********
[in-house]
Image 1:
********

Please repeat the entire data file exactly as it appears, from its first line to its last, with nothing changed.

[in-house]
Image 1: